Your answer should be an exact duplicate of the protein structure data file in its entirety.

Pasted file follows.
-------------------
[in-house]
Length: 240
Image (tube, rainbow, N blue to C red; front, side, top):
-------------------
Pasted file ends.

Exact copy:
[in-house]
Length: 240
Image (tube, rainbow, N blue to C red; front, side, top):